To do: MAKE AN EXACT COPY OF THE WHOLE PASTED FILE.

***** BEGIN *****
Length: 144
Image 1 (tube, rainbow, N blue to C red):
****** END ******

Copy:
Length: 144
Image 1 (tube, rainbow, N blue to C red):